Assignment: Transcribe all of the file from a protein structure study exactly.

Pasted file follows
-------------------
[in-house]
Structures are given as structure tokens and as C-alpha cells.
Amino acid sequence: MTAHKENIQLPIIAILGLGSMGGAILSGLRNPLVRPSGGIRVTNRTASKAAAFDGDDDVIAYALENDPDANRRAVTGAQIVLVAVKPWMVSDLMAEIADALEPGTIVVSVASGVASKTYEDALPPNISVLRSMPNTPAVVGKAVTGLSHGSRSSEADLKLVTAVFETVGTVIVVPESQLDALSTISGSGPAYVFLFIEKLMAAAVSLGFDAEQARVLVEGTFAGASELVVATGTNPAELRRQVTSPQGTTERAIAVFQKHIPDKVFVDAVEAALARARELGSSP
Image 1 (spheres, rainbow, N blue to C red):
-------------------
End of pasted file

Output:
[in-house]
Structures are given as structure tokens and as C-alpha cells.
Amino acid sequence: MTAHKENIQLPIIAILGLGSMGGAILSGLRNPLVRPSGGIRVTNRTASKAAAFDGDDDVIAYALENDPDANRRAVTGAQIVLVAVKPWMVSDLMAEIADALEPGTIVVSVASGVASKTYEDALPPNISVLRSMPNTPAVVGKAVTGLSHGSRSSEADLKLVTAVFETVGTVIVVPESQLDALSTISGSGPAYVFLFIEKLMAAAVSLGFDAEQARVLVEGTFAGASELVVATGTNPAELRRQVTSPQGTTERAIAVFQKHIPDKVFVDAVEAALARARELGSSP
Image 1 (spheres, rainbow, N blue to C red):